28. robertquentincobb

    JUDY GARLAND is the Greatest! Thanks for posting

  29. Kevin Casey

    This number is everything! She was just too great!!! Lol

  30. ajgroelant

    pure talent!!!!!!!!

  31. Marcus Ribeiro

    Wonderful...

  32. Barry I. Grauman

    Because the picture was running too long, according to several exhibitors. The original running time - 182 minutes- would have "cut" into the amount of money the theaters earned....unless the picture was SHORTER, allowng an extra showing every day to turn a profit. So, a half-hour was literally "chopped out" (including this production number and "Here's What I'm Here For"), and several scenes before Esther and Norman are initially reunited, and she begins work at the studio.

    Thomas Donohue

    None of the scenes you mentioned were cut from the film.

  33. BHW722

    Why on earth did Jack Warner cut this? It is one of her best numbers!

  34. michaelloman16

    You're right. I just got mad when you made it as though black discrimination was nothing. I have gotten over it, but the way you wrote your comment offended me in a way where I completely lost control. I apoligize for calling you a bitch and dumbass, and I do know how much of an impact the great depression had on people and I'm sorry for not showing consideration to your grandmother and her situations and history. Please forgive me for being so misunderstanding.

  35. michaelloman16

    Bitch please I am over it. It's just dumbasses like YOU who make me come back to it. And just so you know what the fuck does a great depression have to do with any of this. Nothing. So next time you write back, write some that makes sense and related to the subject we're on. StUPID BITCH. GET OVER THAT.

  36. sarakat76

    wonderful Judy.... great talent!

  37. michaelloman16

    Dumbass racism has been around from the1700s until now so shut the fuck up

  38. ajgroelant

    wow liza really does look like judy.

  39. matt mammone

    it was a deliberate nod to the brown vs board of ed. hollywood jewish democrats wanted to so some support in a subtle way

  40. Nigel A. Campbell

    @Sshelly34213 So, we still don't know the names of the children. My comment never indicated that Blacks weren't in cinema, but these 2 unnamed kids share screen time with a star, and for a more complete history, it would be interesting to know their names and their stories. IMdB doesn't have any info. The reality is in 1954, there were US states that did not allow this kind of interaction, and specifically, Hollywood cut scenes like this to appease their markets in the South. That's a fact.

    Kim Green

    Nigel A. Campbell they were great little dancers!

    Harley Quinn

    Lol, read the comments!! The "children's" Grandkids have identified them multiple times 🤗 check the comments!!!

  41. Deborah Scott

    @dustymew LUCKY!:O:O:O

  42. loki-in-the-dark

    I share a birthday with her. June 10th.

  43. Nigel A. Campbell

    Does anyone know the names of the two Black children in this scene? It's 1954 in America and to get this much screen time with this star is a plus for them. I wonder if this scene was shown in the South.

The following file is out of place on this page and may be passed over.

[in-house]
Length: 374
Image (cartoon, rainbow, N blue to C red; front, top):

rodneywashington51

    Nigel, the little Black girl's name is Patricia Ann Rosemond. She was just 8 years old at the time. The little Black kid's name is Bobby Sailes. He was 12 years old at the time. The kids mothers did not see eye to eye on certain matters. They exchanged words to each other at times. Very interesting background to the parents and their two tap dancing children.

    Ralph Ewell

    She sure connected with those kids. Maybe that's why we se such a happy Judy Here...kids were around.

  44. lildeanturbonc

    This Is one of Judys best performances for me shows she could do it all!

  45. James scanlan

    And the geniuses at Warner Brothers decided to cut this number, which preceded an oscar winning scene in her dressing room. Sigh.

  46. CC126

    Thanks God for let me meet Judy, I want see her someday in heaven.

  47. Saxon C

    @Firegirlable She was about 3 months pregnant in Late sept. 1954 when ASIB had its hollywood premiere. When she did the Born in a trunk segment in july 1954 she must have just gotten pregnant but at the end of that segment her face was very full. The rest of the film was already complete before Born in a trunk filmed. Judy's voice was incredible when she had extra weight on her. Stronger richer .. Great clip though!

  48. Firegirlable

    Was she pregnant with Joey at this time?

  49. Rob Keyes

    Great song and dance number juxtaposed with a dramatic scene. Showing off Judy's imeasurable talent again. I can't believe they cut this and another number after the film's initial release so that it could be shown more times a day in the cimema. I really hope they manage to restore the film to it's original state for the 2010 release on DVD/Blu ray.

  50. yip35

    Joyous!

  51. Mindy

    Awesome clip! Thanks for posting!

  52. TONY FINNEY

    she's always been so mesmerizing to me.. there's no explaing why she's always been my favorite.. just look at her! by the way, i think this MIGHT be my next halloween costume. haha.

  53. TONY FINNEY

    so great.